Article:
Modeling Age-Related Changes from Late Middle Age in Men and Women

Arnold Mitnitski, Dalhousie University
Xiaowei Song, Natural Sciences and Engineering Research Council of Canada (NSERC)
Kenneth Rockwood, Dalhousie University

We present a new approach to modeling health transitions in mean and women from late middle age (55+). This approach is based on a parametric representation of health transitions using a modified Poisson distribution for the probabilities of health changes. In the Canadian National Population Health Survey (n=4330, 2548 women, at baseline in 1994), health status was defined by a deficit count, using 33 health-related variables. Changes in deficit count were followed up over 4 consecutive 2-year intervals to 2002. The model stratified by sex predicts health changes (improvement or worsening at any degree, and death) with an exceptionally high accuracy (R2 ~0.90). The model employs only four sex-specific parameters: two represent health transition of survivors, and two represent the probability of death. The parameters reflect the men/women difference in transitions: despite women show higher level of deficit accumulation, they better survive than men at any deficit level.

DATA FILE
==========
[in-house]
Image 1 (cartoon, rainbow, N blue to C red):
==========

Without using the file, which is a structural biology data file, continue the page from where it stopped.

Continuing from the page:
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Presented in Session 136: The Biodemography of Aging